Casey Martin and cart return to golf's U.S. Open

Casey Martin
Casey Martin of the United States drives a golf cart during a practice round prior to the start of the 112th U.S. Open at The Olympic Club on June 13, 2012, in San Francisco, California.
Ezra Shaw/Getty Images

(CBS News) Golf's U.S. Open starts Thursday in San Francisco. Tiger Woods, Phil Mickelson, and Masters champion Bubba Watson will tee off in the same group. Also in the field, for the first time in 14 years, is someone you might remember more recently from the courtroom - not the golf course: Casey Martin.

The former college teammate of Tiger Woods is perhaps the easiest guy to root for as the U.S. Open gets underway.

"Some crazy things happen in life," Martin said. "And here I am, and I'm excited to get to compete."

Martin hasn't played competitive golf in half a dozen years - he's the full-time golf coach at the University of Oregon.

Born with a condition that inhibits circulation in his right leg, Martin plays golf on one good leg. "When I limp around, that's no joke or act. It's just kind of how I walk," Martin said.

He's lived with the threat of amputation all his life. "I've been in jeopardy for a long time with that. My leg is pretty fragile," Martin said. "If I were to break it or something significant happen to it, I probably wouldn't have it."

"Unless you really know him, I don't think people really have an appreciation of how much pain he's in," Tiger Woods said. "He just lives with it."

Fifteen years ago, Martin, then an aspiring professional golfer, sued the PGA Tour for the right to use a golf cart in competition. The tour's position was that riding gave him an unfair advantage over other players who had to walk.

It was a painful time for Martin who was opposed some of his heroes like Jack Nicklaus who said riding would corrupt the traditions of the game. Nicklaus said, "That's all the tour wanted to have - to have all the players play by the same rules."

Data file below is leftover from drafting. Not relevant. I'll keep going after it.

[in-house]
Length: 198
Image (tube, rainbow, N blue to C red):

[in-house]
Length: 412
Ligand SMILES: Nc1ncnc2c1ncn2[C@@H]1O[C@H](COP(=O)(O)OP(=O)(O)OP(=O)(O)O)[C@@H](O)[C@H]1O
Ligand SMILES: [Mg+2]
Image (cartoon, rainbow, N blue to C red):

But Martin won. The tour appealed. The case went all the way to the Supreme Court, which backed Martin.

"I don't think much about my role in the game or what people think or who likes me or who doesn't," he said. "I knew that I needed some help to be able to pursue my dreams and fortunately it worked out that I was given that opportunity."

Even with the cart, Martin struggled as a professional golfer. The highlight of his career had been tying for 23rd at the 1998 U.S. Open at the Olympic Club in San Francisco. When he saw the Open was returning to Olympic this year, he decided to try qualify.

Mike Davis, executive director of the United States Golf Association which runs the Open and fills roughly half the field through qualifying tournaments, said, "We get the best players in the world at the U.S. Open. But there's an opportunity for other players to really live their dream.

Davis added, "Any year I'd say 75 to 85 spots for 9,000 people to try to qualify for. To have (Martin) virtually leave the game and to have him come back and qualify for an event at this level, it's almost beyond belief."

At 40, Martin is savoring every step this week - joyful and painful at the same time. The practice rounds are with old friends, he's getting encouragement from fans, and he has the chance to play in the national championship where instead of dividing the golf world. He's uniting it, everyone hoping to see him play well.

"A lot of the well-wishers are so excited for me, like 'Go win this thing and take it down,'" Martin said. "I'm like, 'Guys, look, this is really, really a huge test, these golf courses. Off the charts difficult - difficult for the best players in the world who are at the top of their game, let alone a 40-year-old golf coach with a disability."

  • Jim Axelrod
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    Jim Axelrod is the chief investigative correspondent and senior national correspondent for CBS News, reporting for "CBS This Morning," "CBS Evening News," "CBS Sunday Morning" and other CBS News broadcasts.